Peter was strongly against slavery and joined the Missouri Home Guard Infantry, 14th Regiment, Company E, in Lexington, Missouri, 6 July 1861, for a three year period. His Missouri Home Guard unit supported the Union Army, but received very little income, equipment or training. His unit was composed mostly of German non-English speaking immigrants with the purpose of supporting anti-slave advocates in the community.
When Peter enlisted in the Missouri Home Guard, Anna and Peter had four children:
Henry - age 7
Mary - age 5
Amelia - age 3
Emma - new born
The Battle of Lexington began 18 September 1861, near Peter's property in the Anderson Addition. The citizens were cheering the Confederate troops as they approached Lexington, hoping the Confederate Army would regain control from the Union Army. In the Battle of Lexington, there were 15,000 Confederate troops and 3,500 Union troops, including Peter Westerhaus and his Missouri Home Guard unit. Confederate troops used hemp bales as shields, and pushed the bales forward as they advanced toward the Union troops for their final charge 20 September 1861. Union troops surrendered at noon, 20 September 1861, with very few causalities.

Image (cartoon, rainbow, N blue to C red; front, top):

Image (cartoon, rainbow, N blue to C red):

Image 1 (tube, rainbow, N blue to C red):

|Peter Westerhouse's Muster Roll|
|Peter Westerhouse's Hawkins Taylor Commission Pension Card|
|Lafayette County Courthouse|